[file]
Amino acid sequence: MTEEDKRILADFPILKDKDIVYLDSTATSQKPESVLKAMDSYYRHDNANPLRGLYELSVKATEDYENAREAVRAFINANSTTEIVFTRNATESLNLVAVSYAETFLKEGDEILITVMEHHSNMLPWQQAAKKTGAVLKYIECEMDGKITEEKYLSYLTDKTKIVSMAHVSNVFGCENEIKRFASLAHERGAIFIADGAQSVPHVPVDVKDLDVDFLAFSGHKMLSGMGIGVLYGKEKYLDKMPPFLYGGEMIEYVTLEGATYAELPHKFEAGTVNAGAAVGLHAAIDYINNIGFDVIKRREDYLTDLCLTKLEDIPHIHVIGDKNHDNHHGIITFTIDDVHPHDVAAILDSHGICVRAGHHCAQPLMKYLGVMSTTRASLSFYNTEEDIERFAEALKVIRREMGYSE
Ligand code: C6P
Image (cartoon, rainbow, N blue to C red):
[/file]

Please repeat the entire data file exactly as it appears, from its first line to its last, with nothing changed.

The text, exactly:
Amino acid sequence: MTEEDKRILADFPILKDKDIVYLDSTATSQKPESVLKAMDSYYRHDNANPLRGLYELSVKATEDYENAREAVRAFINANSTTEIVFTRNATESLNLVAVSYAETFLKEGDEILITVMEHHSNMLPWQQAAKKTGAVLKYIECEMDGKITEEKYLSYLTDKTKIVSMAHVSNVFGCENEIKRFASLAHERGAIFIADGAQSVPHVPVDVKDLDVDFLAFSGHKMLSGMGIGVLYGKEKYLDKMPPFLYGGEMIEYVTLEGATYAELPHKFEAGTVNAGAAVGLHAAIDYINNIGFDVIKRREDYLTDLCLTKLEDIPHIHVIGDKNHDNHHGIITFTIDDVHPHDVAAILDSHGICVRAGHHCAQPLMKYLGVMSTTRASLSFYNTEEDIERFAEALKVIRREMGYSE
Ligand code: C6P
Image (cartoon, rainbow, N blue to C red):